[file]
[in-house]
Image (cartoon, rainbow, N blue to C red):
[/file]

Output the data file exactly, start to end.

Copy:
[in-house]
Image (cartoon, rainbow, N blue to C red):